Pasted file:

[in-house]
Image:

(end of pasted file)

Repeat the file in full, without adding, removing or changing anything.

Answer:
[in-house]
Image: